Towns and Cities

Dorset has plenty of beautiful towns and villages but no cities.

Blandford Forum

Blandford Forum was a major market town during in medieval times because both the main road from Salisbury to Dorchester and Poole to Shaftesbury crosses the River Stour here.


Bournemouth has seven miles of golden sands.


Bridport is a small market town and fishing port, and for many years it was the main producer of ropes in the country. In the 13th century, Henry III made the town a Royal Borough.


Christchurch was settled during the Iron Age. From Saxon times, the Great Priory Church dominated a timber-walled town arranged in a grid system. It has an annual food festival.


Dorchester is the county town of Dorset.


Gillingham in the Blackmore Vale is the most northerly town in Dorset.

Lyme Regis

Lyme Regis is the most westerly town in Dorset. It’s famous for fossils and is the town associated with Mary Anning.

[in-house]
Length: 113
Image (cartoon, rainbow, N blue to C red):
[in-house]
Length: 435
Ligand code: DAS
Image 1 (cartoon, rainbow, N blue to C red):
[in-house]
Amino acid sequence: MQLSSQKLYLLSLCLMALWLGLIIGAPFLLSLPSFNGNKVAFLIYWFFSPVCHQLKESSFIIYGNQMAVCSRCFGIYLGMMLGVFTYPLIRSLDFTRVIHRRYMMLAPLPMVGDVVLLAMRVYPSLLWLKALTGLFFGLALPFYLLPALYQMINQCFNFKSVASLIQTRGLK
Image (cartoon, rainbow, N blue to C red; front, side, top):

Historic Poole is Dorset’s largest town and it has one of the largest natural harbours in the world. The River Frome flows into the western end of the harbour.


Shaftesbury is one of the highest towns in England at over 750 feet above sea level. It’s home the famous Gold Hill used in Hovis adverts.


The town of Sherborne boasts its own castle and it also has a beautiful Abbey.


Stalbridge in the Blackmore Vale is close to the Somerset border, and it’s Dorset’s smallest town. The 15th century market cross, made from the local yellow Ham stone, is reputedly the best in England.


The town of Swanage is on the Isle Of Purbeck. Swanage Bay can give views as far as the Isle of Wight. Old Harry Rocks can be listed from here.


Wareham lies between the Rivers Frome and Piddle


Weymouth Bay has golden sands, safe bathing and it’s home to the Weymouth and Portland National Sailing Academy where the sailing events of the 2012 Olympic and Paralympic Games were based. It’s also a great place to visit Chesil Beach.


Wimborne lies on the River Stour and dates back to the beginning of the 8th century.